* One Click Install support. Adding install links to the search results. This is something that the old webpin had.
* A better API desktop/command line clients

Feedback

Please do let me know bug reports / feature requests. In particular I’m interested in

  • What distributions should I index
  • What repositories should I index?
  • What searches result in badly ranked results
  • What future features should I prioritise?

Please let me know using email webpin at benjiweber.co.uk or find me on freenode (benjiman). or @benjiweber on twitter.

Posted by & filed under Uncategorized.

I thought I’d start posting some of my notes on tips for testing. Starting with some tips and tricks for Mockito.

Mocking/Stubbing frameworks like Mockito help to test units of code in isolation with minimal boilerplate.

A couple of guidelines I like to aim to follow when writing tests are:

  • Each test should assert/verify just one thing (or as few things as possible)
  • Minimise stubbing noise per test

Sometimes it can be hard to write consise tests for consise, readable code. It’s often tempting to compromise the simplicity of the code under test in order to make the tests easier. However, Mockito is flexible enough that this can usually be avoided.

Obviously we have to be careful. Often (perhaps even usually) code being hard to test is a smell, and it’s better to re-think how the code is written to make it more naturally testable.

Here are three things that can make tests more difficult:

  • Use of the Builder Pattern
  • Use of Real Objects (not everything is stubbed)
  • Methods that return arguments (e.g. put on caches)

Use of the Builder Pattern

Here’s the first example. We’d like to write some code like the following.

public class Example1 {
	FoxBuilder foxBuilder;
	Dog dog;
 
	public void someMethod() {
		Fox fox = foxBuilder
			.speed(QUICK)
			.colour(BROWN)
			.legs(4)
			.longTail()
			.gender(MALE)
			.build();
 
		fox.jumpOver(dog);
	}
}

If you have a basic familiarity with Mockito you might be tempted to write a test like the following. Unfortunately here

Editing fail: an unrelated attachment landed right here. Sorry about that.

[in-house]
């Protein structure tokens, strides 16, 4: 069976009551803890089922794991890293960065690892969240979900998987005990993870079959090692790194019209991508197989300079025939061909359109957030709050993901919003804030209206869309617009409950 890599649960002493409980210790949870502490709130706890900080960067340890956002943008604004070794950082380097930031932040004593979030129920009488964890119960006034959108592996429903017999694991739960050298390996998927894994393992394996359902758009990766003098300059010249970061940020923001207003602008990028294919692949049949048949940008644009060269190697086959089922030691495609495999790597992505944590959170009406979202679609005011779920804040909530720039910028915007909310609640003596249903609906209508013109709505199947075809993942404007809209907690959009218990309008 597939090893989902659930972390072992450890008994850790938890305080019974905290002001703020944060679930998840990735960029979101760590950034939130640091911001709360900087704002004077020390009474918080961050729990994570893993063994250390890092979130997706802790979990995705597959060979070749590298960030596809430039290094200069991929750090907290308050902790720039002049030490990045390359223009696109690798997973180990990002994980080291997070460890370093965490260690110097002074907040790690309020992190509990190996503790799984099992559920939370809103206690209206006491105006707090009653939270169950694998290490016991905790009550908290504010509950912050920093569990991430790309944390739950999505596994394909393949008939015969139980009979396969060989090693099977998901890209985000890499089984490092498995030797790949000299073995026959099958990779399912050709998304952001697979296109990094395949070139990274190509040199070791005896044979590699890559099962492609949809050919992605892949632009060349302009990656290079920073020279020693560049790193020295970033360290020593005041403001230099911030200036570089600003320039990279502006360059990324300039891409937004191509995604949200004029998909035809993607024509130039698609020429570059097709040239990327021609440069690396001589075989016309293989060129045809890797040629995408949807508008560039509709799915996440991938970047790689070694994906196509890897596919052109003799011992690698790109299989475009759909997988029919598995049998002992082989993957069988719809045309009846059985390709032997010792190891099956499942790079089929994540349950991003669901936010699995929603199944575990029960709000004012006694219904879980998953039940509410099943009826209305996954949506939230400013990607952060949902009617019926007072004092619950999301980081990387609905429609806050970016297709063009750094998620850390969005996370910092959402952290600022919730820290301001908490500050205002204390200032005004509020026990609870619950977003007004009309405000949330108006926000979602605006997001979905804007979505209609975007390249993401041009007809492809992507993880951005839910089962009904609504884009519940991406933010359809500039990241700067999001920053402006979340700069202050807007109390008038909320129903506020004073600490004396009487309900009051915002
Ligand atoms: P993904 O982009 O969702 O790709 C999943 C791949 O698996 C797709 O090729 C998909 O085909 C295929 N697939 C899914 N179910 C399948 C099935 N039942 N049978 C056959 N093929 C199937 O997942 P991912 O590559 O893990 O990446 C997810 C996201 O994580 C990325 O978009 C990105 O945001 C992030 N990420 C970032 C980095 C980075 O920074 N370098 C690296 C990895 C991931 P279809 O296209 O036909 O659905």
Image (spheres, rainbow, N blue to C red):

• The stubbing is very verbose (and could be worse in a less trivial example)
  • We are testing several things in a single test, so lots of different things could break it
@RunWith(MockitoJUnitRunner.class)
public class Example1NaiveTest {
	@Mock FoxBuilder foxBuilder;
	@Mock Fox fox;
	@Mock Dog dog;
 
	@InjectMocks
	Example1 example = new Example1();
 
	@Test public void naiveTest() {
		when(foxBuilder.speed(QUICK)).thenReturn(foxBuilder);	
		when(foxBuilder.colour(BROWN)).thenReturn(foxBuilder);
		when(foxBuilder.legs(4)).thenReturn(foxBuilder);
		when(foxBuilder.longTail()).thenReturn(foxBuilder);
		when(foxBuilder.gender(MALE)).thenReturn(foxBuilder);
		when(foxBuilder.build()).thenReturn(fox);
 
		example.someMethod();
 
		verify(fox).jumpOver(dog);
	}
}

Omitting one of the when() stubbings from the above test will result in a NullPointerException.

Fortunately Mockito has a solution. When a method invocation on a mock has not been stubbed in the test, Mockito will fall back to the “default answer”. We can also specify what the default answer will be. So let’s create a default answer suitable for builders.

Here we create an Answer to make Mocks return themselves from any method invocation on them that has a compatible return type.

public class Return {
	public static Answer<?> Self = new Answer<Object>() {
		public Object answer(InvocationOnMock invocation) throws Throwable {
			if (invocation.getMethod().getReturnType().isAssignableFrom(invocation.getMock().getClass())) {
				return invocation.getMock();
			}
 
			return null;
		}
	};
}

Now our test can look like this. We only have to stub out the build invocation. Notice the instantiations of the Mocks now tell Mockito to use our new default Answer.

@RunWith(MockitoJUnitRunner.class)
public class Example1Test {
	FoxBuilder foxBuilder = mock(FoxBuilder.class, Return.Self);
	FoxBuilder quickFoxBuilder = mock(FoxBuilder.class, Return.Self);
 
	@Mock Fox fox;
	@Mock Dog dog;
 
	@InjectMocks
	Example1 example = new Example1();
 
	@Test public void whenSomeMethodCalled_aFox_shouldJumpOverTheLazyDog() {
		when(foxBuilder.build()).thenReturn(fox);
		example.someMethod();
		verify(fox).jumpOver(dog);
	}
}

“Ah”, you might say. “Now we’re no longer checking we build a fox of the right type”. Well, if that’s important to us we can put it in another test. That way we stick to one test per item of behaviour we want to assert.

We can assert that the speed method on the builder is called

@Test public void whenSomeMethodCalled_shouldCreateQuickFox() {
	when(foxBuilder.build()).thenReturn(fox);
	example.someMethod();
	verify(foxBuilder).speed(QUICK);
}

Or, to more properly check that the dog is jumped over by a fox-that-is-quick we could utilise two builders to represent a state transition:

@Test public void whenSomeMethodCalled_shouldJumpOverAFoxThatIsQuick() {
	when(foxBuilder.speed(QUICK)).thenReturn(quickFoxBuilder);
	when(quickFoxBuilder.build()).thenReturn(fox);
	example.someMethod();
	verify(fox).jumpOver(dog);
}

 

Real Objects

Now, suppose we decided that the dog should be instantiated within the method instead of a field on Example. Making it hard to test.

Here is the code we want to write

public class Example2 {
	FoxBuilder foxBuilder;
 
	public void someMethod() {
		Fox fox = foxBuilder
			.speed(QUICK)
			.colour(BROWN)
			.legs(4)
			.longTail()
			.gender(MALE)
			.build();
 
		Dog dog = new Dog();
 
		dog.setLazy();